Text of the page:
Review – Aristotle and Dante Discover the Secrets of the Universe

Aristotle and Dante Discover the Secrets of the Universe – Benjamin Alire Sáenz

Simon & Schuster, 2012

Aristotle – better known as Ari – is a boy defined by the things he doesn’t say. His family don’t talk about his father’s experience in the Vietnam War; they don’t talk about why Ari’s older brother is in prison, or why they seem so afraid that Ari will follow him there. Then Ari meets Dante, a boy who defines himself by talking about everything. He loves birds, poetry, art, words – and he loves being Ari’s friend. With Dante around, Ari finds himself beginning to unravel the mysteries that have kept him quiet for so long. Maybe eventually, Ari will even understand himself.

Aristotle and Dante is set during the 1980s and both main characters are Mexican; there’s a thoughtful and nuanced exploration of culture, family and identity woven through the novel, but never slowing it down. While very different characters, Ari and Dante are both vividly written and incredibly engaging. The rest of the cast, particularly the boys’ families, are equally well-rounded, with a wonderful warmth and realism. There was one moment that jarred me – without including spoilers, towards the end of the story Ari discovers something about his brother that I personally felt should have had a greater narrative impact. Overall, though, this is a beautiful story about friendship, love and truth. Benjamin Alire Sáenz’s latest book is The Inexplicable Logic of My Life, published earlier this month.

Review – Simon vs the Homo Sapiens Agenda

Simon vs. the Homo Sapiens Agenda – Becky Albertalli

Balzer + Bray, 2015

Sixteen-year-old Simon Spier likes to put on a show, but he prefers it when the drama stays on the stage. The only person in his life who knows he’s gay is Blue, his anonymous online friend, and the only one who knows Blue is gay is Simon. Their friendship is slowly evolving into something new when the wrong person finds out about the emails and Simon suddenly finds himself blackmailed into the role of reluctant matchmaker for the most annoying straight boy ever. He has to find a way to get out of this situation before he’s dragged any deeper into someone else’s disaster of a love life – and before it wrecks his own.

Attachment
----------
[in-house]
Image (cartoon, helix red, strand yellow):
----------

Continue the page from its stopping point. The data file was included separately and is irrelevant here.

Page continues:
The premise makes this sound like a slightly darker book than it is. While Simon’s predicament is definitely treated as a serious one, Simon vs. the Home Sapiens Agenda is overall a light-hearted, witty and sincere story and all its characters are written with a warmth and sensitivity that makes even the less likeable ones very well-rounded. Simon is a delightful protagonist – I was particularly charmed by the relationship he has with his sisters – and the question of Blue’s identity is given some good twists. Albertalli’s next novel, The Upside of Unrequited, is slated for release in April.

Review – Tales from the Shadowhunter Academy

Tales from the Shadowhunter Academy – Cassandra Clare, Sarah Rees Brennan, Maureen Johnson and Robin Wasserman

Walker Books Ltd., 2016

Simon Lewis is a hero. Or so he has been informed. He can’t actually remember his heroics thanks to an encounter with a demon and a sacrifice that saved the lives of friends who are now strangers to him. But Simon has a way to get it all back. In the wake of a devastating war, the Nephilim are recruiting ordinary people to join their ranks, who will be trained at the newly re-opened Shadowhunter Academy and – should they prove worthy – will drink from the Mortal Cup to take on the strength of the Angel’s warriors. Simon wants to be a hero again. More than that, he wants to work out who he really is. He hopes that his time at the Academy will give him a chance at both those things, and maybe even understand what the hell the blazing, famous Isabelle Lightwood ever saw in him. All he has to do is survive training with a group of ferociously competitive would-be demon-killers…and then there’s the demons themselves.